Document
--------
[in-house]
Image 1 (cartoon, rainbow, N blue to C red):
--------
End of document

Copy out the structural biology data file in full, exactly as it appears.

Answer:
[in-house]
Image 1 (cartoon, rainbow, N blue to C red):